Virtual anthropology : a preliminary test of macroscopic observation versus 3D surface scans and computed tomography (CT) scans

Abegg, Claudine (Unit of Forensic Imaging and Anthropology, University Center of Legal Medicine Lausanne-Geneva, Lausanne, Switzerland) ; Balbo, Ilaria (Unit of Forensic Imaging and Anthropology, University Center of Legal Medicine Lausanne-Geneva, Lausanne, Switzerland ; Dipartimento di Scienze biologiche, Università di Bologna, Bologna, Italy) ; Dominguez, Alexandre (Unit of Forensic Imaging and Anthropology, University Center of Legal Medicine Lausanne-Geneva, Lausanne, Switzerland ; HESAV School of Health Sciences, HES-SO University of Applied Sciences and Arts Western Switzerland) ; Grabherr, Silke (Unit of Forensic Imaging and Anthropology, University Center of Legal Medicine Lausanne-Geneva, Lausanne, Switzerland) ; Campana, Lorenzo (Unit of Forensic Imaging and Anthropology, University Center of Legal Medicine Lausanne-Geneva, Lausanne, Switzerland) ; Moghaddam, Negahnaz (Unit of Forensic Imaging and Anthropology, University Center of Legal Medicine Lausanne-Geneva, Lausanne, Switzerland ; Swiss Human Institute of Forensic Taphonomy, Lausanne, Switzerland)

Virtual anthropology (VA) is based on applying anthropological methods currently used to analyse bones to 3D models of human remains. While great advances have been made in this endeavour in the past decade, several interrogations concerning how reliable these models are and what their proper use should be remain unanswered. In this research, a fundamental assumption of VA has been investigated: if the way we perceive and apply an anthropological method is truly similar when looking at bones macroscopically and through various 3D media. In order to answer, 10 skulls of known age and sex were scanned using a computed tomography (CT) scanner and a 3D surface scanner. Two observers separately applied a defined staging method to eight suture sites on these skulls, first looking at the bone macroscopically, then at the 3D surface scan, and finally on the CT scan. Two rounds of observation were carried out by each observer. Intra- and inter-observer error were evaluated, and two sample t-tests used to evaluate if the different types of medium used yielded significantly different observations. The results show a high degree of inter-observer error, and that data obtained from 3D surface scans differ from macroscopic observation (confidence level 95%, P ≤ 0.05). CT scans, in these settings, yielded results comparable to those obtained through macroscopic observations. These results offer many possibilities for future research, including indications on the kind of anthropological methods and anatomical landmarks that might be reliably transferable to the virtual environment. All current methods used in traditional anthropology should be tested, and if they prove unreliable, new techniques to analyse bones from virtual models should be developed.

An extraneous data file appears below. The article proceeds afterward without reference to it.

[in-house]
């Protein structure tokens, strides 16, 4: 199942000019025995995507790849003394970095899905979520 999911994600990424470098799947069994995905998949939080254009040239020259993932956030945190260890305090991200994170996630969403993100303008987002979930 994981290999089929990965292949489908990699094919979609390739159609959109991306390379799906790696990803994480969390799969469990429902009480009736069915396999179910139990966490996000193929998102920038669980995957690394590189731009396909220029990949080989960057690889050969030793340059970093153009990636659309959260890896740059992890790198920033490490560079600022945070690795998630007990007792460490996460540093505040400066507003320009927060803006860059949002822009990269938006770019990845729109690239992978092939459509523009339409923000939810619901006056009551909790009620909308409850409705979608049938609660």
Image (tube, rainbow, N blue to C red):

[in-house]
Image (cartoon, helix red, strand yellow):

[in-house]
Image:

Keywords:
Article Type:
scientifique
Faculty:
Santé
Branch:
Technique en radiologie médicale
School:
HESAV
Institute:
Unité de recherche en santé, HESAV
Date:
2021-01
Pagination:
9 p.
Published in:
Forensic sciences research
Numeration (vol. no.):
2021, vol.6, no. 1, pp. 34-41
DOI:
ISSN:
2096-1790
Appears in Collection:



 Record created 2021-05-21, last modified 2021-05-25

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